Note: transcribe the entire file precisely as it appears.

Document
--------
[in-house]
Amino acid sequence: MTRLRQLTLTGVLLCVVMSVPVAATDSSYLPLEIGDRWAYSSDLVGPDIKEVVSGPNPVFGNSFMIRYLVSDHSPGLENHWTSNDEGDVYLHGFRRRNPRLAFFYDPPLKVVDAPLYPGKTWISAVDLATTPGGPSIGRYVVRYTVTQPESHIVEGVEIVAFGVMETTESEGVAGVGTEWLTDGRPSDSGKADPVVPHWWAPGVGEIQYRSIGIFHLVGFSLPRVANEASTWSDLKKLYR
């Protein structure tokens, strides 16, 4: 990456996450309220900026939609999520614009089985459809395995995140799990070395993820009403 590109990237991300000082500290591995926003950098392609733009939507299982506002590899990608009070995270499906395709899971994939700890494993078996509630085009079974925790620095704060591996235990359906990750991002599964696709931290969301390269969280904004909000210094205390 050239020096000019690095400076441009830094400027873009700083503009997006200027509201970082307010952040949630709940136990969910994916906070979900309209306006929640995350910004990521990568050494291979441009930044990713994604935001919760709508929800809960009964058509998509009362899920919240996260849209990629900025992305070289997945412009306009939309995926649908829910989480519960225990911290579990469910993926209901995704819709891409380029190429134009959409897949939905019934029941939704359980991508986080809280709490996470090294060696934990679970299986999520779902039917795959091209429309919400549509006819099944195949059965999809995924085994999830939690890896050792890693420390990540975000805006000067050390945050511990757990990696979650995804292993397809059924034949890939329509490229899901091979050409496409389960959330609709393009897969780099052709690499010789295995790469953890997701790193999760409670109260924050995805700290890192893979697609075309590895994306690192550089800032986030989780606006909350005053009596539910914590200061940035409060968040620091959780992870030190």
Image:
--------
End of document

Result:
[in-house]
Amino acid sequence: MTRLRQLTLTGVLLCVVMSVPVAATDSSYLPLEIGDRWAYSSDLVGPDIKEVVSGPNPVFGNSFMIRYLVSDHSPGLENHWTSNDEGDVYLHGFRRRNPRLAFFYDPPLKVVDAPLYPGKTWISAVDLATTPGGPSIGRYVVRYTVTQPESHIVEGVEIVAFGVMETTESEGVAGVGTEWLTDGRPSDSGKADPVVPHWWAPGVGEIQYRSIGIFHLVGFSLPRVANEASTWSDLKKLYR
């Protein structure tokens, strides 16, 4: 990456996450309220900026939609999520614009089985459809395995995140799990070395993820009403 590109990237991300000082500290591995926003950098392609733009939507299982506002590899990608009070995270499906395709899971994939700890494993078996509630085009079974925790620095704060591996235990359906990750991002599964696709931290969301390269969280904004909000210094205390 050239020096000019690095400076441009830094400027873009700083503009997006200027509201970082307010952040949630709940136990969910994916906070979900309209306006929640995350910004990521990568050494291979441009930044990713994604935001919760709508929800809960009964058509998509009362899920919240996260849209990629900025992305070289997945412009306009939309995926649908829910989480519960225990911290579990469910993926209901995704819709891409380029190429134009959409897949939905019934029941939704359980991508986080809280709490996470090294060696934990679970299986999520779902039917795959091209429309919400549509006819099944195949059965999809995924085994999830939690890896050792890693420390990540975000805006000067050390945050511990757990990696979650995804292993397809059924034949890939329509490229899901091979050409496409389960959330609709393009897969780099052709690499010789295995790469953890997701790193999760409670109260924050995805700290890192893979697609075309590895994306690192550089800032986030989780606006909350005053009596539910914590200061940035409060968040620091959780992870030190």
Image: